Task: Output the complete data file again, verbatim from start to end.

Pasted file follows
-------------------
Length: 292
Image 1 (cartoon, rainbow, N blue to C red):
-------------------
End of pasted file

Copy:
Length: 292
Image 1 (cartoon, rainbow, N blue to C red):